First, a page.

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Linspire CNR technology





esioquim
Linspire is creating a website for their CNR technology which would later on cater to different linux distributions. What do you think is the impact of this initiative to other linux distros? How about on windows?
qscomputing
I'm not entirely sure what advantages CNR has over apt or urpm...
WickedGravity
There are no advantages, especially over APT. How can one possibly compare to the simplicity, ease of use, and bug free environment of it?

In a word or two, they can't.
djclue917
qscomputing wrote:
I'm not entirely sure what advantages CNR has over apt or urpm...


Simply put, with CNR, the user would have a very pleasing interface to view information, reviews, screenshots, and probably many more about a particular software package. Of course, you can also install software via CNR. But in a Debian system, for example, CNR would act something like a web-based front-end for APT/DPKG, Think of it as a web-based synaptic that is more wicked, featureful, and user-friendly.

On of the problems that would hopefully be solved by the new "CNR for all" is the "complexity" of installing packages in different distros. Sure you can easily install something via APT when you're already familiar with Debian and its derivatives, but what happens when you migrate to an RPM-based distro or even a tar.gz-based distro (like Slack and Arch) and you know nothing about that particular package management system?

A Linux newbie wouldn't have to be familiar with the different package management software to be able to use CNR. In effect, CNR acts like an abstraction layer between the user and the package management system of a specific distro. That is, the method in installing packages via CNR in Debian would also be the same method used in installing packages via CNR in openSUSE, Fedora, Ubuntu, or Freespire.

"But what if my distro isn't supported? What would be CNR's use for me?" Simple answer: CNR contains a lot of valuable information about software packages.
djclue917
I forgot... For a Linux.com article, please visit this URI: http://enterprise.linux.com/article.pl?sid=07/01/23/2113216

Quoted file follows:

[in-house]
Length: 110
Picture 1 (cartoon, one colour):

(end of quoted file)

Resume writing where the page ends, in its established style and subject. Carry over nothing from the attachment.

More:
It's a nice read.
djclue917
WickedGravity wrote:
There are no advantages, especially over APT. How can one possibly compare to the simplicity, ease of use, and bug free environment of it?

In a word or two, they can't.


Obvious advantages of CNR over APT:
1. You can view screenshots of a particular software package.
2. You can write and/or read reviews about a particular software package.
3. You can rate a package so that the better ones would be quickly found by others.
4. CNR can present information in a better way because of its web-based nature (think of all those images, buttons, CSS, etc.).
5. "Click 'N Run"-type of installation (great for users who just switched to Linux)

BTW, CNR is not something "in its own world". It will use the standard tools used for package management in a specific distro. With that said, CNR would most likely use APT or DPKG for package handling. Also, stability won't be an issue since using CNR is just like using a GUI front-end like Synaptic and the like.
qscomputing
OK, sounds like a potential good thing, provided the main repos are Free (libre and gratis) and/or there is a prominent option to view Free only.
surdy
thanks djclue917 for the info Smile

CNR looks intersting from what it is claiming. Hope it actually delivers on this ..thats would be really great
Studio Madcrow
CNR was one of the big advantages of Linspire. While I personally don't much care for network-based package systems, CNR seems to be just about the best and easiest to use one around.

In the end, though, systems like M$'s .msi, NEXT/OPENSTEP's .pkg/.app, PC-BSD's .pbi and Apple's .dmg/.app systems are much better and eaier to use, at least for me.
djclue917
Studio Madcrow wrote:
In the end, though, systems like M$'s .msi, NEXT/OPENSTEP's .pkg/.app, PC-BSD's .pbi and Apple's .dmg/.app systems are much better and eaier to use, at least for me.


Yes you are right. When you get accustomed to using a particular package management system, you would most likely not need CNR. But CNR offers more than easy installation of packages. It also provides invaluable information in a very pleasing manner. Compare that to simply reading a package's description from Synaptic or from whatever package manager you use. The information in CNR for each package is undoubtedly better in terms of content and in terms of the presentation of the information itself.

I'm actually planning on using CNR for "hunting" more killer apps that need more publicity.
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